The point we continually repeat is that emerging markets are not homogenous – they can differ markedly in terms of government debt, current account balance, economic drivers and business cycles. As a result we should not expect them to behave the same way. Each has individual characteristics and to treat them as a homogenous entity results in missed opportunities.
Which brings us to Hong Kong. It is not an emerging market, but most of the MSCI China constituents – which makes up 22% of the MSCI Emerging Market index – are listed there. The Chinese government’s decision to open the Hong Kong-Shanghai stock market connection to mainland mutual funds has seen a tide of southbound capital surge into the Hong Kong market.
This is clearly an idiosyncratic event. But if we extend our time horizon, the point holds true. Over the past six months there has been dispersion in returns from emerging market countries. The MSCI China index has returned just over 50%, MSCI Korea almost 22% and MSCI Russia 7%. The MSCI Brazil index has lost just over 13%.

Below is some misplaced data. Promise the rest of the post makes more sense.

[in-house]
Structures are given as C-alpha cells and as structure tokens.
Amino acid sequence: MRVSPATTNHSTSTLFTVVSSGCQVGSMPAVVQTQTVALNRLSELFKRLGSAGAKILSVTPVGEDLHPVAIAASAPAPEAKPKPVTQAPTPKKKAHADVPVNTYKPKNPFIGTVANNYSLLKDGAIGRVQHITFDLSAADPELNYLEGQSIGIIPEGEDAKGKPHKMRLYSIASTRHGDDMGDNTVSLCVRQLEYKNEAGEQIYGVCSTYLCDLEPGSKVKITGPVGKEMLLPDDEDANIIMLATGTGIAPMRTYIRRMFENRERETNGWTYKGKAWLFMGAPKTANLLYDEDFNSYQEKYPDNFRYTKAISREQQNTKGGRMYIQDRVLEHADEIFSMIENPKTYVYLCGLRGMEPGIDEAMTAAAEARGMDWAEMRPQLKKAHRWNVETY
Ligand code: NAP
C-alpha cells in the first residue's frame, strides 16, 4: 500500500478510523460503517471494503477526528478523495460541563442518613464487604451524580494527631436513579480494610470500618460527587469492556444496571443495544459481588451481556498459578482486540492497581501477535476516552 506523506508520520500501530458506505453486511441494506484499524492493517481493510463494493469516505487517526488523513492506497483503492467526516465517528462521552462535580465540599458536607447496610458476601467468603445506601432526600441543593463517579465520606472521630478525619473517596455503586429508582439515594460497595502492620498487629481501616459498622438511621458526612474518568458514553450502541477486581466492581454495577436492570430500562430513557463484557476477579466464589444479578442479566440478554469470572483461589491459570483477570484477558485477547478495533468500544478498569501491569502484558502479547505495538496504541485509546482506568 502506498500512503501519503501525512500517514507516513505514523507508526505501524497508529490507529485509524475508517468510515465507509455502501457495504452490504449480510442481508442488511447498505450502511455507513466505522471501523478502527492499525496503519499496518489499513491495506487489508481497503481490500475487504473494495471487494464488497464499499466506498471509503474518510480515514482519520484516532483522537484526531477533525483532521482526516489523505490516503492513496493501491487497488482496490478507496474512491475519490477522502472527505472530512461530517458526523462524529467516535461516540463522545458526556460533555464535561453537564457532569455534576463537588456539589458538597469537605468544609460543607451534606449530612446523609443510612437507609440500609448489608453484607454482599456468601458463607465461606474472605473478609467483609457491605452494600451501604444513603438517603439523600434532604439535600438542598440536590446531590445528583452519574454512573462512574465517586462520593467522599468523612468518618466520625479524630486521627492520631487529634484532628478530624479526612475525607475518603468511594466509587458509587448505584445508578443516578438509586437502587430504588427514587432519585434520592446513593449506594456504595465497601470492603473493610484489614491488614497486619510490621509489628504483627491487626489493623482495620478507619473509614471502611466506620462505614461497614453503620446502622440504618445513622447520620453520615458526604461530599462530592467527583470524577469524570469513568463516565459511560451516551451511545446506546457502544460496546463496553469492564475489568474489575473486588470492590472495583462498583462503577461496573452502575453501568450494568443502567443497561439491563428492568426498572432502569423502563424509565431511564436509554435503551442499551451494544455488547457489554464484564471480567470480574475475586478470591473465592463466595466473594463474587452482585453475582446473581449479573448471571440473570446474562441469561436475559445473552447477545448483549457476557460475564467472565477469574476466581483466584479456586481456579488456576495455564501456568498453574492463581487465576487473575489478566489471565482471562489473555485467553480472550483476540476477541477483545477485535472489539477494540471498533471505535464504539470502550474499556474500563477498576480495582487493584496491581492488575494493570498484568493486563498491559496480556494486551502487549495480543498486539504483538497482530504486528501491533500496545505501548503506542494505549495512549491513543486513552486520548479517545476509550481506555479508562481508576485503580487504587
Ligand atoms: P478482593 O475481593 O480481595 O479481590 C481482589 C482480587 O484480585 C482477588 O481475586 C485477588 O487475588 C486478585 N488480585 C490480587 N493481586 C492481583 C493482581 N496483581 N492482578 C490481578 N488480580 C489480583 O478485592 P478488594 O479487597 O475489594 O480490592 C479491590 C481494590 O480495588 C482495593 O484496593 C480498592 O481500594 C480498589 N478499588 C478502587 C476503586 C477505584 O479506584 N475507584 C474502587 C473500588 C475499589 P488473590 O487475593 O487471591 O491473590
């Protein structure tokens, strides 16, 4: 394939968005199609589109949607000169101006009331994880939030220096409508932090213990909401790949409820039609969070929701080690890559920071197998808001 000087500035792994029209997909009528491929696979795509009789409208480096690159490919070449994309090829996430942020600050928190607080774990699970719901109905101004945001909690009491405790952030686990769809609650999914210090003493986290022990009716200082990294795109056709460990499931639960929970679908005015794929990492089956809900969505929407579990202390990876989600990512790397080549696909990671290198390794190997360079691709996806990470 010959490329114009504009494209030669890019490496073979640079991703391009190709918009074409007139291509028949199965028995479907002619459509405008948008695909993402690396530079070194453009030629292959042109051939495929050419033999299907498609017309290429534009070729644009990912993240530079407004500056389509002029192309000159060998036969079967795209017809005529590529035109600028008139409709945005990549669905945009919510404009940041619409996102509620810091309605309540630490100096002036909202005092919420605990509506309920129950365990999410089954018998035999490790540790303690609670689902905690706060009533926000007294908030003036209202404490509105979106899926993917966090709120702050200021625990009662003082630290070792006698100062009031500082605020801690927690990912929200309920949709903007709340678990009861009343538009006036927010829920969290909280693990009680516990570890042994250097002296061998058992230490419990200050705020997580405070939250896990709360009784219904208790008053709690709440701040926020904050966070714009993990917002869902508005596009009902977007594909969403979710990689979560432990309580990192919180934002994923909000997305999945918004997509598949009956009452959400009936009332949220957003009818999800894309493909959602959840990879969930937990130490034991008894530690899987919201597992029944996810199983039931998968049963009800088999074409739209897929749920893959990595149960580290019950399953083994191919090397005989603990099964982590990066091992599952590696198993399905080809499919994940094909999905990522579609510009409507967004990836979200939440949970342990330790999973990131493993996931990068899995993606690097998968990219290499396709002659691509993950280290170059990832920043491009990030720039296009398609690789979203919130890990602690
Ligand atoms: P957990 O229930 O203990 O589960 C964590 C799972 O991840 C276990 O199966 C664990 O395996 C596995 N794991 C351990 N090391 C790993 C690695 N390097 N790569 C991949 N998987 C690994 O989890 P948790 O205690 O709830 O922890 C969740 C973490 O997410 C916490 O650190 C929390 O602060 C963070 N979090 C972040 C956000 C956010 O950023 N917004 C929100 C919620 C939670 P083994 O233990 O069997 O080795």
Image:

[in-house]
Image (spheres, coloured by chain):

This dispersion is driven by the individual circumstances each market faces. There are some such as Indonesia and Brazil which will face stiff headwinds from the unwinding carry trade – their combination of current account deficits and commodity-based economies renders them particularly vulnerable.
There are others, such as China and Korea, which have current account surpluses and are commodity importers. They clearly do not share this sensitivity and, if anything, should benefit from the improvement in US economic growth implied by the expectation of higher rates.
The dispersion in returns between emerging markets is vast and, in our view, demands an active approach to investing in the asset class. You need to identify which countries are going to do well in a given environment – and which are not. In our emerging market portfolio, we take strong country views and typically own less than half the countries in the index at any given point.